Baby Boomer News Roundup: Caregiving and Dogs

Boomer With Dog

News Roundup: Caregiving Baby Boomers Have Worse Health Than Non-Caregivers, Millennials Spend More On Dogs Than Seniors

On average, Baby Boomer caregivers have worse health than non-caregivers, according to a study published in the U.S. Centers for Disease Control and Prevention Preventing Chronic Disease, peer-reviewed journal.

Specifically, the study found that caregiving Boomers are more likely to be suffering from a chronic disease or frequent mental distress (FMD), though it didn’t try to determine why this is the case.

The study consisted of researchers looking at data for almost 110,000 Boomers, and first classified them as either a caregiver or a non-caregiver. They used data from the Behavioral Risk Factor Surveillance System, which was obtained between 2015 and 2017 – and identified just under a quarter of the sample as caregivers.

“As people age, more Baby Boomers might serve as caregivers. To enable their performance in this role as long as possible, public health efforts are needed to support the caregiver role and enhance their health,” the authors of the study said.

Boomers Spend Less On Their Dogs Than Millennials

Another, less serious report related to Boomers was also published this week – and it found there to be an interesting trend between how much different generations in the US have spent on their dogs during the COVID-19 pandemic.

Rover carried out this survey of dog owners. It found that about a third of Millennials have spent more on their dogs during the coronavirus pandemic than under normal circumstances.

Meanwhile, only one in ten in Boomers said they had spent more on their pooches since March, and just under 80 percent said they’ve been spending the same amount as usual. The final 10 percent have been spending less on their dogs during the pandemic.

Rover also released some average figures for the cost of buying and looking after a dog.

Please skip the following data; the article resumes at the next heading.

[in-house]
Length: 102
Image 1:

“The annual cost of owning a dog can range, on average, from $650 to $2,295 a year — with the most budget-minded pet parents spending less than $1,000 per year,” they said.

The survey found that almost half of dog owners spend considerably more than the aforementioned $1,000 per year average. Specifically, 47 percent said they spend roughly $3,400 on their pets per year.

A Quick Summary

  • A study published in the U.S. Centers for Disease Control and Prevention Preventing Chronic Disease journal has found caregiving Boomers to have worse health on average than non-caregivers.
  • Researchers looked at data for over 100,000 Boomers in the US and first determined whether they are a caregiver or a non-caregiver before looking at their health.
  • They found a quarter of Boomers to be caregivers – usually for another Boomer – and said it’s important that public health services improve to provide more support to older caregivers. The latter themselves may be in poor health.
  • A separate survey reported that Millennials have been spending more on their dogs than usual during the pandemic, while Boomers’ spending has remained relatively unchanged.
  • Around 80 percent of Boomers are spending the same amount on their pooches as before the COVID-19 pandemic, while 10 percent are spending more, and the remaining 10 percent are spending less.
  • Younger pet owners are also more likely to buy organic pet food than Boomers, researchers added.